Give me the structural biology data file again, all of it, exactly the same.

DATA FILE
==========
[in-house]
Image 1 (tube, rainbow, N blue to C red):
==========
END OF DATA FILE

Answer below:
[in-house]
Image 1 (tube, rainbow, N blue to C red):